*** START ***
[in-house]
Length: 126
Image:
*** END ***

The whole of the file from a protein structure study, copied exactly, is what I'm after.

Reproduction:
[in-house]
Length: 126
Image: